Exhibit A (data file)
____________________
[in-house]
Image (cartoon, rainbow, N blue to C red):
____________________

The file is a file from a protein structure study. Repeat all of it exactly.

[in-house]
Image (cartoon, rainbow, N blue to C red):